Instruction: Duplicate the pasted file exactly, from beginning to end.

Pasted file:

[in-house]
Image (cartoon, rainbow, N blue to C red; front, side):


[in-house]
Image (cartoon, rainbow, N blue to C red; front, side):